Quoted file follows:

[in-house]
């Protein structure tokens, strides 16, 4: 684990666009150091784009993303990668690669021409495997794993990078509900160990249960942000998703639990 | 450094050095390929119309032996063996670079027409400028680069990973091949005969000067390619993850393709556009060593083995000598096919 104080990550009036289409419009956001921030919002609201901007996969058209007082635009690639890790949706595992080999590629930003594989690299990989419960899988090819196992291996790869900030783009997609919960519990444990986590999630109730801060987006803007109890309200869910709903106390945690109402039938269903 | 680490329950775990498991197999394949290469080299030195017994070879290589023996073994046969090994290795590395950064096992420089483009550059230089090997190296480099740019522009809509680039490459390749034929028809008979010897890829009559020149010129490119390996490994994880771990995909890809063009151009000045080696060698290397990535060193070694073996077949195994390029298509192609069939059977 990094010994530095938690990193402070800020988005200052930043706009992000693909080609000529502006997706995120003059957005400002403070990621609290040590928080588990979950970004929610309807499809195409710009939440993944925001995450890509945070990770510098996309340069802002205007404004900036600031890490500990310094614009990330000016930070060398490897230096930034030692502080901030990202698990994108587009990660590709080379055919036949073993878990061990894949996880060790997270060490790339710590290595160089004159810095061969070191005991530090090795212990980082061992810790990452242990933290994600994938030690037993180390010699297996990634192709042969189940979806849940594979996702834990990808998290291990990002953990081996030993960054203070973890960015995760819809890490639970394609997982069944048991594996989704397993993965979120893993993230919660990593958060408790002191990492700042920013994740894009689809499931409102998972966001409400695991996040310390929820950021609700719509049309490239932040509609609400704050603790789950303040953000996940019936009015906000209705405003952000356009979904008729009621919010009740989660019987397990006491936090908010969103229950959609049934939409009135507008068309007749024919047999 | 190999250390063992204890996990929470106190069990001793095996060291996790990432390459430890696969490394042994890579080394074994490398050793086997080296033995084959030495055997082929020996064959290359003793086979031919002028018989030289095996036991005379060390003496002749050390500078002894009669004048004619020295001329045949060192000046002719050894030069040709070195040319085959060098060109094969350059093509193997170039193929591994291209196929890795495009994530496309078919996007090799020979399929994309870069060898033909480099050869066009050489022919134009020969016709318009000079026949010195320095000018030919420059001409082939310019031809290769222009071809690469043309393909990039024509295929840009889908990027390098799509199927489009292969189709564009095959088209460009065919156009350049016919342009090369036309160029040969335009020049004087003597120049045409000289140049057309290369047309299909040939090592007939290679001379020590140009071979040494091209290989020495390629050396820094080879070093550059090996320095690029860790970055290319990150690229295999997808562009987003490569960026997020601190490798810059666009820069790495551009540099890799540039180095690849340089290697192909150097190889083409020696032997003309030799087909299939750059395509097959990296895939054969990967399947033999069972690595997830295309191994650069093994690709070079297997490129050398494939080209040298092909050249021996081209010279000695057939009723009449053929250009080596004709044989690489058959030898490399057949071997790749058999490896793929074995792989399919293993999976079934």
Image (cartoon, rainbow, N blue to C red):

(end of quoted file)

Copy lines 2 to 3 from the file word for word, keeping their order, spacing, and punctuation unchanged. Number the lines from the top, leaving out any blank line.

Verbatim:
């Protein structure tokens, strides 16, 4: 684990666009150091784009993303990668690669021409495997794993990078509900160990249960942000998703639990 | 450094050095390929119309032996063996670079027409400028680069990973091949005969000067390619993850393709556009060593083995000598096919 104080990550009036289409419009956001921030919002609201901007996969058209007082635009690639890790949706595992080999590629930003594989690299990989419960899988090819196992291996790869900030783009997609919960519990444990986590999630109730801060987006803007109890309200869910709903106390945690109402039938269903 | 680490329950775990498991197999394949290469080299030195017994070879290589023996073994046969090994290795590395950064096992420089483009550059230089090997190296480099740019522009809509680039490459390749034929028809008979010897890829009559020149010129490119390996490994994880771990995909890809063009151009000045080696060698290397990535060193070694073996077949195994390029298509192609069939059977 990094010994530095938690990193402070800020988005200052930043706009992000693909080609000529502006997706995120003059957005400002403070990621609290040590928080588990979950970004929610309807499809195409710009939440993944925001995450890509945070990770510098996309340069802002205007404004900036600031890490500990310094614009990330000016930070060398490897230096930034030692502080901030990202698990994108587009990660590709080379055919036949073993878990061990894949996880060790997270060490790339710590290595160089004159810095061969070191005991530090090795212990980082061992810790990452242990933290994600994938030690037993180390010699297996990634192709042969189940979806849940594979996702834990990808998290291990990002953990081996030993960054203070973890960015995760819809890490639970394609997982069944048991594996989704397993993965979120893993993230919660990593958060408790002191990492700042920013994740894009689809499931409102998972966001409400695991996040310390929820950021609700719509049309490239932040509609609400704050603790789950303040953000996940019936009015906000209705405003952000356009979904008729009621919010009740989660019987397990006491936090908010969103229950959609049934939409009135507008068309007749024919047999 | 190999250390063992204890996990929470106190069990001793095996060291996790990432390459430890696969490394042994890579080394074994490398050793086997080296033995084959030495055997082929020996064959290359003793086979031919002028018989030289095996036991005379060390003496002749050390500078002894009669004048004619020295001329045949060192000046002719050894030069040709070195040319085959060098060109094969350059093509193997170039193929591994291209196929890795495009994530496309078919996007090799020979399929994309870069060898033909480099050869066009050489022919134009020969016709318009000079026949010195320095000018030919420059001409082939310019031809290769222009071809690469043309393909990039024509295929840009889908990027390098799509199927489009292969189709564009095959088209460009065919156009350049016919342009090369036309160029040969335009020049004087003597120049045409000289140049057309290369047309299909040939090592007939290679001379020590140009071979040494091209290989020495390629050396820094080879070093550059090996320095690029860790970055290319990150690229295999997808562009987003490569960026997020601190490798810059666009820069790495551009540099890799540039180095690849340089290697192909150097190889083409020696032997003309030799087909299939750059395509097959990296895939054969990967399947033999069972690595997830295309191994650069093994690709070079297997490129050398494939080209040298092909050249021996081209010279000695057939009723009449053929250009080596004709044989690489058959030898490399057949071997790749058999490896793929074995792989399919293993999976079934």
Image (cartoon, rainbow, N blue to C red):